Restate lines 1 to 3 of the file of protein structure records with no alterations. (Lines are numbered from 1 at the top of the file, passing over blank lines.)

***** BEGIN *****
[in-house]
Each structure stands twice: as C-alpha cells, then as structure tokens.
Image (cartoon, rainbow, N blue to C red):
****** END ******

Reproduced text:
[in-house]
Each structure stands twice: as C-alpha cells, then as structure tokens.
Image (cartoon, rainbow, N blue to C red):